The area of a convex polygon from the coordinates of the vertices on the plane
This online calculator calculates the area of a convex polygon from the coordinates of the vertices. A convex polygon is built from the vertices using the Jarvis March Algorithm (or Gift Wrapping Algorithm)
The calculator below was written to solve a particular problem of calculating the area of a convex quadrilateral from the coordinates of its vertices. It generalizes this problem to the problem of calculating the area of any convex polygon. The site already has a similar calculator Polygon area, but there you need to enter the lengths of the sides and diagonals, and this is somewhat more difficult than entering only the coordinates of the vertices.
How to use the calculator: start entering the coordinates of the vertices of the convex polygon. Starting from third point, the Jarvis algorithm will build a convex hull, then we break the hull into triangles and calculate the total area. For reference, the areas of all triangles will also be displayed.
You can read about the inner details of calculation below the calculator.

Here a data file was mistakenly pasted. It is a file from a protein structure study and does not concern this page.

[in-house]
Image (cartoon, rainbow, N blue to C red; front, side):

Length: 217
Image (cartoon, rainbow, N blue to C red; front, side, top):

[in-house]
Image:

Convex Hull and Jarvis March
The idea is simple - the polygon is divided into non-intersecting triangles, the area of all triangles is calculated (this is easy to do knowing the lengths of all three sides - Heron's formula calculator), then the areas are summed up. The main problem was to make it resistant to the situation when the vertices are entered out of order. Suppose the first four points are entered to get the shape in the figure below
When adding the next point, for example, as in the following figure
we should obtain the polygon ADCBE, not ABCDE, broken into triangles ADC, ACB and ABE, respectively.
To get a convex polygon, you actually need to get the convex hull of the entered points. To do this, the calculator uses Gift wrapping algorithm (or Jarvis march). The method can be imagined as wrapping a set of nails hammered into a board with a rope.
The algorithm runs in time, where n is the total number of points on the plane, h is the number of points in the convex hull. For a convex polygon, respectively, it will be . Not the most optimal algorithm, but very simple, and quite productive for this calculator.